Whether you plan to fly the friendly skies or sail a ribbon of highway for your Memorial Day weekend, rest assured you'll be joined by many other people emerging from their COVID cocoons.
"Based on our projections, summer travel isn’t just heating up, it will be on fire," said Paula Twidale, senior vice president of AAA Travel, the American Automobile Club's travel agency.
The holiday marks the unofficial start to summer. AAA estimates that 39.2 million people, including nearly 1.5 million Ohioans, will travel more than 50 miles from home over the holiday weekend, which runs today through Monday.
For Ohio, the number reflects an increase of nearly 7%, said Kimberly Schwind, executive director of public affairs for the AAA Ohio Auto Club.
"We are looking at travel to almost completely rebound to 2019 levels," before the pandemic, she said. "People are overdue for a vacation and they're looking to catch up on much needed R&R."
How is the weather looking in Northeast Ohio?
Those who regularly watch the skies in Northeast Ohio say don't hesitate to break out that picnic basket either.
"Right now, it's looking pretty good for most of the (northern Ohio) area," said Brian Mitchell, meteorologist with the National Weather Service in the Cleveland office. "We're looking dry with a warming trend as we go from near normal highs in the mid 70s on Saturday and then getting into 80 on Sunday and maybe up into the mid 80s on Memorial Day."
A little rain may fall before then.
The National Weather Service issued a hazardous weather statement Wednesday, saying that showers and thunderstorms today may be severe: "Damaging wind gusts are the primary threat, but large hail and a tornado or two are possible."
The forecast for the Akron-Canton area showed a 90% chance of rain tonight and Friday. While there remained a 30% chance of rain on Saturday, skies Sunday and Monday were expected to be sunny.
'Airports are going to be busy.'
The AAA Ohio Auto Club is predicting a 20% increase in air travel.
"As we continue to move forward from the pandemic glow in terms of air travel, we continue to see rebounds in the number of people traveling by air," Schwind said.
"People need to keep in mind the airports are going to be busy," she added. "We have a huge demand, but the capacity hasn't reached that level. There will be less non-stop and more connecting flights, less availability, flights will be full. ... We are seeing a ripple effect across the country. So check your flight status before you leave home."
AAA recommends arriving at the airport two hours before flights to domestic locations and three hours before international flights.
Akron-Canton Airport says it's ready for travelers
The airport is expecting an increase in passengers, but it also features more flights this year, she said.
"We have 19 nonstop destinations and even more leisure destinations than before," Dalpiaz said, noting that Allegiant Airlines boasts four to destinations in Florida and Georgia, and Breeze Airways is starting a new route to Nashville.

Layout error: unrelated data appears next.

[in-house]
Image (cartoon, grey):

She added that masks are no longer mandatory on flights, "but if folks feel comfortable wearing it, they're more than welcome to."
Hitting the highway: Best/worst times to travel on Memorial Day weekend
Motorists wanting to avoid crowded highways will want to plan ahead.
"The busiest highway travel times are expected to be the afternoons of Thursday, May 26, and Friday, May 27," Schwind said.
The agency lists the best and worst times to travel, based on information from INRIX, an analytics firm that provides location-based data and analytics:
Thursday: Worst time, 1 to 8 p.m. Best time, before 6 a.m. or after 9 p.m.
Friday: Worst time, noon to 7 p.m. Best time, before 7 a.m. or after 9 p.m.
Saturday: Worst time, 1 to 6 p.m. Best time, before 10 a.m.
Sunday: Worst time, 1 to 4 p.m. Best time, before 10 a.m.
Memorial Day: Worst time, 1 to 4 p.m. Best time, before 11 a.m.
Where is everyone going for Memorial Day?
"Certainly with the higher gas prices, a lot of people are opting for shorter road trips and there's lots to do in Ohio," Schwind said.
Many Ohioans are choosing destinations within a six-hour drive, although there are people hitting East Coast beaches and going to Florida.
"We've also been seeing Tennessee becoming very popular for road trips. Gatlinburg, Pigeon Forge, the Great Smoky Mountains and also Nashville," she said.
How are gas prices impacting travel?
The average price nationwide for a gallon of regular gas hit $4.599 on Wednesday — a record high. It was $4.50 in Ohio.
Still, people want to get out and go.
"Maybe they'll stay one day less or cut out some shopping or opt for less expensive activities," Schwind said. "They'll look for ways to compensate for those higher travel costs for their trip. They may go in with family or friends and rent a vacation home to share those costs."
One way to get a handle on those costs, or at least have a idea of what they will be can be found on the AAA website at gasprices.aaa.com. The website shows the national averages that can be found by county and city.
Schwind said it also contains a gas cost calculator.
"If you are wondering how much your Memorial Day road trip may cost in gas, you can type in your starting point, your destination and make and model of car and you can calculate how much you can expect to spend per trip," she said.
"You can get an idea of how much you're going to spend as you're trying to budget for your trip. So at least you can get an idea of what it's going to cost."
This article originally appeared on The Repository: AAA predicts Memorial Day weekend travel "will be on fire"